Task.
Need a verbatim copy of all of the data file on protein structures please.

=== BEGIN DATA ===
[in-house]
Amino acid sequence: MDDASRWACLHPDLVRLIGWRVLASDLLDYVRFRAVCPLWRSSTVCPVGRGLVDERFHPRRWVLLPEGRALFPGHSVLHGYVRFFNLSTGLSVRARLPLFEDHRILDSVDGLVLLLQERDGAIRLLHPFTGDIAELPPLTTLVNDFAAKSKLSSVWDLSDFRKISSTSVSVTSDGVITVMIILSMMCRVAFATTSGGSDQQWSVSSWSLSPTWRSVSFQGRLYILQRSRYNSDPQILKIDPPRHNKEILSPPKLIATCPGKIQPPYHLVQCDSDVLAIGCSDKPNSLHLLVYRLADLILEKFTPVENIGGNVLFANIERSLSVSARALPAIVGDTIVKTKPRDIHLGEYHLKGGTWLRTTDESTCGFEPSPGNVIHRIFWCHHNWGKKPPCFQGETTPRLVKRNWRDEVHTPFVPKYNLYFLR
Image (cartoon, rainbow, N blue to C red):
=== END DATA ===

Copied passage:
[in-house]
Amino acid sequence: MDDASRWACLHPDLVRLIGWRVLASDLLDYVRFRAVCPLWRSSTVCPVGRGLVDERFHPRRWVLLPEGRALFPGHSVLHGYVRFFNLSTGLSVRARLPLFEDHRILDSVDGLVLLLQERDGAIRLLHPFTGDIAELPPLTTLVNDFAAKSKLSSVWDLSDFRKISSTSVSVTSDGVITVMIILSMMCRVAFATTSGGSDQQWSVSSWSLSPTWRSVSFQGRLYILQRSRYNSDPQILKIDPPRHNKEILSPPKLIATCPGKIQPPYHLVQCDSDVLAIGCSDKPNSLHLLVYRLADLILEKFTPVENIGGNVLFANIERSLSVSARALPAIVGDTIVKTKPRDIHLGEYHLKGGTWLRTTDESTCGFEPSPGNVIHRIFWCHHNWGKKPPCFQGETTPRLVKRNWRDEVHTPFVPKYNLYFLR
Image (cartoon, rainbow, N blue to C red):